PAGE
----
Innkeeper's log chronicles ebb and flow of Iraq war
Baghdad's Johara Hotel, which was once a meeting place for foreign journalists and aid workers, is now filled to capacity with Iraqis who still can't go home.
Tom A. Peter/The Christian Science Monitor
The Johara Hotel was a backpacker's delight. Rooms were just $12 at the tiny, 10-room inn that was part youth hostel and part rooming house. European, Asian, and American tourists stayed there, even as embargoes tightened on Iraq ahead of the invasion.
When war came, the Johara was the unofficial residence for freelance reporters, aid workers, and activists. But eventually they checked out – or left Iraq altogether – as Baghdad grew more dangerous.
Osama Johara has been forced to close his hotel twice during the war. Today, however, he has a full roster of guests. All of them are Iraqis, however, who for one reason or another have been driven from their homes and are still unable to return.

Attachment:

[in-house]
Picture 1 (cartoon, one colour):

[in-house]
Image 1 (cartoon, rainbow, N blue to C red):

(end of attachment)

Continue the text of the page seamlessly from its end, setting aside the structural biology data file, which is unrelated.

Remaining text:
In many ways, Mr. Johara's hotel registry tells the story of the war. When the insurgency terrorized the city, guests vanished and the Johara closed. Now that car bombings and kidnappings are scarcer, he faces one of Iraq's biggest unresolved issues: What to do with its refugees from the war.
In early 2007 guests began arriving regularly again after Johara shut his doors in mid-2005. With virtually all foreigners staying in major hotels with large security budgets or private compounds, only some of Iraq's 2.7 million internally displaced people were willing to stay in Johara's inn in the city's Karada district.